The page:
"Wc have taught the world that wc know
how to govern and how to make war.
"Wc are now about to teach that same
world that we know how to enjoy peace.
SUEEEffDER 0E KIRBY SMITH'S AR-
Official Dispatch Jrom Gen. Canlv.
tPT, T i r . 7 r t
Washington City, May 278:30 P.
luajor-tjeneral Dix : A dnsnnfnh
from General Canby, dated at New Or-
leans, yesterday, the 20th inst., states
mat arrangements lor the surrender of
the Confederate forces in the Trans-Mis-
sissippi Department have been concluded.
rpi . i .i , . . .
iiu inciuue me men ana material ot
iue army ana navy.
Edwin M. Stanton
Sccretaty of War.
Arrest of Krs.Beverlv Tucker antfTWh follnws- J) Li i "'ut .u4 waning ww x-uiinsyivania, iiicnigau, iew The Armies of Tennessee and ucorgia
rsevenyiucKerandDangh- lol ows. the bar-room to ask his advice about emi- Hampshire, Massachusetts, Minnesota, occupied six hours in nassing. the sanio
Baltimore May 07 -Yn.tnrdn- ffiw ton f r 'a 1 v.ernof;?n- SrS to Mexico or other sub ccts. He Ohio, West Virginia, New Jersey, Con- length of time that was required jester-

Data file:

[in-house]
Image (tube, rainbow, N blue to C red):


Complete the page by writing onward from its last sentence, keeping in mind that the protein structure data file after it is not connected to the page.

nin 1 on,ofelor bad a quantity of bogus bills of exchange, neeticnt, Maineand Indiana. The troops day for the review of the Army of tho
from the Secrete Wirl VnS f ' J' arkcr'f New ?7 for with printed on them by ineausV as they moved along Pennsylvania avc- Potomac.
BeveTTc w' r FpUS f .,n.GrerP SoUaugh, fch typo as is sold on tlm street corners nue, presented a 'grand appearance, all
Ma-gic Thcker and i ft lT 5 -f 5CT Uv' S1an COnsidcrs arm8 f t,1C Servicc being represented in pTT
Aoivere arre but now domiciled in Hudson cOunty, himself sufficiently victimized, as he lost full force. The occasional insertion of rm Postal Hatters.
on the stamnr fnr r? ,1,1 i h,Ur f The re(luisiti a Sood portion of railroad conductor that body of Zouaves served to relievo the 11,0 1osfc Office Department has con-
iur iiicumouu. j lie la- was issued unon the nravnr nf traded for tho f fhfi niaild